Interactive Game Design is a rapidly developing field that exists in the intersection of physical components and computer programming, where designers shape and construct new methods of gaming. We've put together a collection of resources to help you get started programming basic game mechanics that integrate physical components.
The first step in Interactive Game Design is to understand the basics of Scratch, the visual programming framework developed by the MIT Media Lab.
Assets refer to everything that is loaded into the game. These activities introduce how to work with assets in Scratch.
Player input is the first step to interactivity. This article and project cover the basic motion and input relationship. Many of the mechanics that you’ll be working with in Scratch carry over into professional game design and programming.
These articles and project introduce code commenting and code management. Building solid habits in regard to commenting is a valuable skill that carries over into all avenues of programming, regardless of the language or intent.
After you build an understanding of basic player input and character motion, the next step is to include more advanced mechanics and programming concepts. This section introduces the concept of animating the character motion as well as logic. Logic is one of the most crucial foundations in programming, and building a solid understanding of logic concepts in Scratch will prepare for any future programming endeavours.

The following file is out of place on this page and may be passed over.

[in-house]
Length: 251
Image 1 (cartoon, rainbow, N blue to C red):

These next articles and projects build upon the previous sections by introducing more advanced game mechanics. You’ll begin to build out a physics engine for your game and include a collision detection system, and then you’ll begin integrating variables, another of the core concept of programming.
Arrays and functions are two core programming skills. These lessons introduce the basic concepts through Scratch.
These lessons cover some additional game mechanics that youth commonly want to include in their projects. Clones, scrollers, and an additional gravity lesson are included.
The MaKey MaKey is a project developed by Jay Silver and Eric Rosenbaum of the MIT Media Lab and Sparkfun Electronics. The MaKey MaKey “invention kit” is a great way to introduce interactivity by creating a bridge between the physical and the digital.